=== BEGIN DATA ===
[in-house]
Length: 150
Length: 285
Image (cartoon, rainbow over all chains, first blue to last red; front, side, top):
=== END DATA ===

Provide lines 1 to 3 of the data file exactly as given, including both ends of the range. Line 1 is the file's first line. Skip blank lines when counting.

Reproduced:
[in-house]
Length: 150
Length: 285